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Research project (§ 26 & § 27)
Duration : 2013-02-04 - 2013-03-01

The intend of the cooperation between the University of Natural Resources and Life Sciences and Pioneer is to provide a technical training Pioneer research staff for Eastern Europe. The training is being designed for University graduates (MSc. or BSc.) to prepare them for specific need executing world class Science in plant breeding and field testing focused on corn and sunflower. As there is almost no University or Institute training arranged anymore almost all Associates, Senior Research Associates or Scientists should go through this introductory training.
Research project (§ 26 & § 27)
Duration : 2023-03-01 - 2026-02-28

Winegrape production is one of the most economically important agrosystems in Europe. Grapevine has a large breadth of genetic diversity at the rootstock, variety, and clone levels. Unfortunately, very little of this diversity is currently utilized and its potential role in abiotic stress response has not been properly quantified. This leaves growers with the open-question of which is the best tool(s) to adapt their vineyards to specific environmental challenges (e.g. heatwaves, drought, waterlogging, etc). At the scientific level, it is essential to understand the genetic plasticity of rootstocks, varieties and clones (and their interactions) to further adapt and improve the current planting material and to preserve the genetic diversity of grape varieties used across Europe. Standards for physiological traits need to be defined, and the influence of the diverse genetic backgrounds to the value and flexibility of these traits under different environmental conditions needs to be understood. With this in mind, project DiverGrape has been designed including partners from four European countries with varying environmental and vineyard conditions. The partnership will exchange pre-doctoral and postdoc researchers using a standardized methodological approach based on both eco-physiology and metabolomics tools to quantify the contribution to environmental response of: i) clonal variation within given local varieties, ii) rootstock material for a given variety and ii) the interaction between rootstock and scion. Taking advantage of existing vineyards with a variety of genetic material located in different European viticulture areas, the partnership will quantify how environment drives grapevine plasticity to specific climates. The results obtained through project DiverGrape will provide grape growers with the knowledge to optimize the existing grapevine genetic diversity in order to adapt their vineyards to more extreme climate situations.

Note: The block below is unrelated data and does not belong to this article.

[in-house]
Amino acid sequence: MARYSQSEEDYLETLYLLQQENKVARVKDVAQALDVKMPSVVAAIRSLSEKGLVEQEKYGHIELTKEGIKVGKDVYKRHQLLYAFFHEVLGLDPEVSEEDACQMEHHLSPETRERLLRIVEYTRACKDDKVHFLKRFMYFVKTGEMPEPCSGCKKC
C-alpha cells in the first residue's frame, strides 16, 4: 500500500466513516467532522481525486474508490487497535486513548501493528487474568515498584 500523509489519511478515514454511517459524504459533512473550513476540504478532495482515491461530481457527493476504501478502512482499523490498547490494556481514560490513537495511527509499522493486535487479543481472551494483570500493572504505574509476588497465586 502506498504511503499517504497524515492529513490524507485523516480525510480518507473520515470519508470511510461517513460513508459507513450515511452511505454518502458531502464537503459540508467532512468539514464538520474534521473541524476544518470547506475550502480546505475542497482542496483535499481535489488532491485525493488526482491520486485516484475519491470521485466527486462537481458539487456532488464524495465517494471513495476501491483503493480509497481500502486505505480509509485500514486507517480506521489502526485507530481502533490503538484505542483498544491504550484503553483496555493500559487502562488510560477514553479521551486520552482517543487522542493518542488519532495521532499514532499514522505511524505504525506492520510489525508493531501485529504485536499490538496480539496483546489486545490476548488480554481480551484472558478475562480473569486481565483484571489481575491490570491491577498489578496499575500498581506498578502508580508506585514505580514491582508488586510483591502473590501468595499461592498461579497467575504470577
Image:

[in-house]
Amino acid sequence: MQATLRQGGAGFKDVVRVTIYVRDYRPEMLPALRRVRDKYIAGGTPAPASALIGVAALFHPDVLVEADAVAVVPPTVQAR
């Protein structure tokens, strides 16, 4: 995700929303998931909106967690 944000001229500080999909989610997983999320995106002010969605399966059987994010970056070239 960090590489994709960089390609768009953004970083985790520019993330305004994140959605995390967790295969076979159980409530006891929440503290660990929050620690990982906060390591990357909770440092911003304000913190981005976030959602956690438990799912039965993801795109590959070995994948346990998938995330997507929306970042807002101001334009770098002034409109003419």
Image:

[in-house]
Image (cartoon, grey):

Research project (§ 26 & § 27)
Duration : 2022-04-01 - 2025-03-31

Grape powdery mildew, caused by Erysiphe necator Schwein., is one of the major diseases in viticulture. Currently, the pathogen is mostly controlled with 6-10 fungicide applications. Due to the negative effects of pesticides on the ecosystem, the EU Commission aims to reduce the pesticide use by 50 percent by 2030. This project contributes to this goal and aims to reduce the number of fungicide applications needed to control powdery mildew without sacrificing crop quality. There is evidence that especially at the beginning of the vegetation there is a possibility to reduce the number of fungicide treatments. Mathematical models can make an important contribution here; however, in order to fully exploit this potential, numerous gaps in knowledge about the epidemiology of the pathogen still need to be filled. Targeted and thus pesticide-reducing management requires consideration of local disease development. The project addresses key factors here: The time of primary infection, the spread of ascospores and the incubation period will be investigated in combination with weather factors under natural and controlled conditions. Based on these results, mathematical models and regionally adapted fungicide strategies for winegrowers will be developed. These knowledge-based strategies will enable sustainable concepts for plant protection in viticulture and contribute to the achievement of a 50% pesticide reduction.

Supervised Theses and Dissertations